Like I didn't have enough people around me --  starting with old people in my apartment to random aunts who I meet at "family gatherings" -- who judge me for how my child behaves, eats, pulls up his t-shirt to reveal his tummy etc, now I had my friends looking at me with a magnifying glass.

I've never been so uncomfortable at a gathering with friends and never felt more like getting out of there fast as I did yesterday. Maybe I need to take some time to think deep about this, look at myself more objectively...maybe all that I'm saying here is an instant reaction to the whole incident. I don't know. But it's left me shaken and questioning myself.

I also had a mom who worked and I didn't turn out too bad. Ok, so I was and am an attention-seeking person, but maybe that's my personality type. I don't think I should blame my mum for it....I don't know...but damn! Being a mom is not easy.

Thursday, June 2, 2011

I had one of THOSE days. It was beautiful

I watched a French movie last night about four Jewish women trying to find love in Paris.
I slept like a log (touch wood) and woke up at 8 a.m.
I woke up to a terribly quiet house today.
I read the whole newspaper (almost) on the potty today
I actually did yoga for almost 45 mins with no interruptions (except when the dhobi came to pick up clothes).
I actually gardened for about 20 mins flat!
I lugged in the new cooking gas cylinder the delivery man had left at the door!
I paid the newspaper delivery man
I didn't cook breakfast, lunch or dinner...just ate some toasted bread
I cleaned the drawing hall, changed the diwan covers
I listened to songs on the radio while working around the house (here's a pix of one of my latest projects -- trying to pair my gardening attempts with refurbishing and revamping my great-grandfather's old hat stand/coat hanger)

I spotted two red-whiskered bulbuls on the neighbour's coconut tree
I actually had a hairwash without anyone knocking on the bathroom door
I picked up lunch on the way to work from my mom's.
WOW I loved my day till this far...afterwards it was work as usual.....

I relished my morning ....yes, that would describe it so perfectly.
Sonny Boy is really growing up. Sometimes i feel sad that he's probably "growing away" also pretty soon. I missed him so much since last night. It was too quiet...but still, it was  quietness I miss from my earlier days.
With the hubby travelling and Sonny deciding to stay with grandpa yet again last night, it was MY day.
Yeah, I'm sounding selfish, all over again.
Yeah, I know, there are many raised eyebrows that I'm getting "too much time" for myself these days (any guesses who's raising the eyebrow?! ;-)
But there's no such thing as too much time for yourself.
Because when we women do get time for "ourselves" we don't run to have a massage or pedicure. We clean the home, prep it up, do things for family.
That's how we are. Because when we go to a salon or parlour, we'll feel GUILTY that we spent so much time on ourselves. The irony of our lives!

Wednesday, May 25, 2011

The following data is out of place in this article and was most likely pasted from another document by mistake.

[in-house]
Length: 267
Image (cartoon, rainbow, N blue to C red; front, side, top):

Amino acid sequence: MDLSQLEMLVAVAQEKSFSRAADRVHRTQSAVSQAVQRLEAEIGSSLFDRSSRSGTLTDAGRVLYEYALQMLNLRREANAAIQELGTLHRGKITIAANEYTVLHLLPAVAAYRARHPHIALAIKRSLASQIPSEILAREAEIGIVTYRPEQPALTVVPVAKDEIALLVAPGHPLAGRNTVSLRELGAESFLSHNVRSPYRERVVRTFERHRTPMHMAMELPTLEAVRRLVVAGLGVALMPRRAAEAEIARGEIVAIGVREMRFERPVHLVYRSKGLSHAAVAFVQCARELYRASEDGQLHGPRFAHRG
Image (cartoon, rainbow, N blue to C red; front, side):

A recipe for capsicum barda palya

Ok I have a recipe after a long time.
I'm sure many people must be making this, or variations of it.

But i'm so thrilled mine turned out great today and I must put it down for myself. I used to make it earlier but in the past three years, for some unfathomable reason, I had stopped.

Including a dal in a subji/palya is a great way for me to mask the taste of a vegetable you don't like (i would love to try this with cabbage which i hate in the cooked form). It also adds volume when you're short of any vegetable. And most importantly it easily adds protein to your day's requirements.

What you need:
Capsicum - 4, chopped medium
Onion - 2, chopped
Kadle bele/Channa dal - a small cup
Green chilli -one (more if you like your food spicy)
Curry leaves
Red chilli powder
Lime or amchoor powder
For seasoning -- mustard, jeera, oma/ajwain, uddin bele/urad dal
Salt and sugar to taste

1. Soak the channa dal for two hours. Drain excess water.
2. Pop it into the mixer along with the chillie, some chunks of ginger, some jeera,  salt and sugar to taste, turmeric, a dash of red chilli powder, curry leaves and coriander (chopped)
3. Grind it (DON'T ADD WATER), but just enough to make it a grainy grainy  mixture -- don't let it become a paste. It should be's ok if you see some unground pieces of dal in it as well.
4. Heat oil in a pan/kadai/bandle, splutter the seasoning (you can vary it and add all you want).
5. Fry the onions light brown.
6. Add the dal mixture and cook it well too (it cooks pretty fast). Cover and let it cook, but keep stirring or dal may stick.
7. Add the capsicum.
8. Taste and check to adjust salt /spice levels. You can sprinkle on some red chilli powder if it sin't giving you a kick ;-)
9. Sprinkle on some drops of lime or add some amchoor powder to add the tang. Cover for a short while and it's done.

Tuesday, May 24, 2011

Sonny Boy's travelling itch

So Sonny's done it again.
He went to Hubby's hometown on his own, with just his pappa as travel partner.